The Homestead Acts—a series of federal laws passed between 1862 and 1916—granted 160-acre sections of public land, called homesteads, to Americans at very little cost. These acts were designed to provide incentives for Americans to move west. Citizens from all backgrounds, including immigrants, farmers without their own land, women, and former slaves, could apply. Successful applicants received the deed to land in exchange for spending five years farming and improving it. Approximately 270 million acres were claimed and farmed under the Homestead Act. The following documents, maps, and photos offer various perspectives on the experiences of American homesteaders during the late 1800s.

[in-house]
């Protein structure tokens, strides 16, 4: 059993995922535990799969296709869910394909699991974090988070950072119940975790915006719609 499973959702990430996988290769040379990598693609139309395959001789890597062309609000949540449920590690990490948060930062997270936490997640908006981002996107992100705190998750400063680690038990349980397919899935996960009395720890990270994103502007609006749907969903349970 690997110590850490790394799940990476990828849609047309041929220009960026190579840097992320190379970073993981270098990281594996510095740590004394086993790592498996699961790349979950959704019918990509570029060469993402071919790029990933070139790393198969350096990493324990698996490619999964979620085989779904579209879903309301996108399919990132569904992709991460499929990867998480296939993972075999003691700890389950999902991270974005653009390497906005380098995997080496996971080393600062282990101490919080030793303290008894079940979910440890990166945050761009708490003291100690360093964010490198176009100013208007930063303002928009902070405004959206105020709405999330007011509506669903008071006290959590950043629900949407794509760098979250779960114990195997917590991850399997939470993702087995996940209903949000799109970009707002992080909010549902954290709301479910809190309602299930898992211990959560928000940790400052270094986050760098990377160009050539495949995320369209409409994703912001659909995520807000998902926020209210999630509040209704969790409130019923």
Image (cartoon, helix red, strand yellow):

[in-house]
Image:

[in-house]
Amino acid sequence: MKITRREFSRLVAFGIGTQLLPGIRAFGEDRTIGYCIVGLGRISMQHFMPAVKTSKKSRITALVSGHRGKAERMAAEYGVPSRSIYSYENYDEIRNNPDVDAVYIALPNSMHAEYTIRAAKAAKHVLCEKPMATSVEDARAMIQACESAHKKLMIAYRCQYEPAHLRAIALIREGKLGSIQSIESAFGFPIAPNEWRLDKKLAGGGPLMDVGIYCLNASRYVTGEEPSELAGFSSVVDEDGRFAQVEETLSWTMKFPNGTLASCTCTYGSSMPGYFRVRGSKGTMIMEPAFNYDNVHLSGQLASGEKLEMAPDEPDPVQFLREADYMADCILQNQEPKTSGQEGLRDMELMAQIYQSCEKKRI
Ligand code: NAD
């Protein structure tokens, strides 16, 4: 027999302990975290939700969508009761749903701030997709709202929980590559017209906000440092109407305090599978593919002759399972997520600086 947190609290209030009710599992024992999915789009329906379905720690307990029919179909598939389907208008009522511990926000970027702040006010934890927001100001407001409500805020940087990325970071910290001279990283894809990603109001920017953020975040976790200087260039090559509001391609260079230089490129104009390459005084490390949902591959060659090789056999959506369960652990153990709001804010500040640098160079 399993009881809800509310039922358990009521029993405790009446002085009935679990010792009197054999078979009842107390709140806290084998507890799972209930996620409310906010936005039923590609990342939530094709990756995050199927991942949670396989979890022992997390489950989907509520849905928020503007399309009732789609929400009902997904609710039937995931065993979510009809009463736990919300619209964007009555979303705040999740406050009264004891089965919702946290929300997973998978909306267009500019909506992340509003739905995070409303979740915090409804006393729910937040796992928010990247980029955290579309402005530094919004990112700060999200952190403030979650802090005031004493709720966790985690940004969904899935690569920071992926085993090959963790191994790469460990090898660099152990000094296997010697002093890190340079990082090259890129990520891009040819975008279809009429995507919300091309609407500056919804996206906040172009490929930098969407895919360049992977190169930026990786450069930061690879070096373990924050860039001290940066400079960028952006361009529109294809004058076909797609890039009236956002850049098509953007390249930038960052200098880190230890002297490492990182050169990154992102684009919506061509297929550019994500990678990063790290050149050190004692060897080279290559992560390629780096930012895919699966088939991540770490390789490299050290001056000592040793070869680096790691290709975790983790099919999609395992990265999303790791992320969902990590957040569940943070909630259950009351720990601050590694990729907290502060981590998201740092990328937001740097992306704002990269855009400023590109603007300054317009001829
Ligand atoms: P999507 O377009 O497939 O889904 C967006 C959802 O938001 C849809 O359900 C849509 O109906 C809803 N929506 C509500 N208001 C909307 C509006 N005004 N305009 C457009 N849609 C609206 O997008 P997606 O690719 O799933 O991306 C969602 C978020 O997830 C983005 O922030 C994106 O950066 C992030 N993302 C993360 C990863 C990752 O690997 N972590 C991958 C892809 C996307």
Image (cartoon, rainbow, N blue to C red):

Additional resources for research
Boom and Bust: The Industries That Settled Montana, Digital Public Library of America.
Teaching With Documents: The Homestead Act of 1862, the National Archives and Records Administration.
Primary Documents in American History: Homestead Act, the Library of Congress.
Homestead Act, History.com.